| By Anthony Bebbington and Judith Carney | Published in the Annals of the Association of American Geographers, 80(1):34-48 |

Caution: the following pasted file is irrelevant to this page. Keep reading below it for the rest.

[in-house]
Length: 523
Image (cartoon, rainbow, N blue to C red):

Abstract: The International Agricultural Research Centers of the Consultative Group on International Agricultural Research comprise a system for interdisciplinary work on Third World agrarian systems combining the physical and the social sciences. While economics and anthropology have represented the vanguard of social sciences in the Centers, recent years have witnessed increasing interest in geographic research. This interest reflects the Centers’ growing concern for sustainable agriculture and agroecological mapping. It also suggests a somewhat narrow conception of geography. We address the possible origins of the limited representation of geography in these Centers to date, and the context of this emerging interest. We argue that geographers have a responsibility to draw out the practical implications of their research and suggest that the Centers afford one means of doing so. Potential contributions from the physical, biogeographical, cartographic and social fields of our discipline are considered, and the importance of teamwork combining these different specialties is suggested. Particularly significant, both for applied agricultural research and the theoretical study of Third World agriculture, could be a critical development of the concept of “sustainability.’’Several thematic and conceptual building blocks for such development are presented.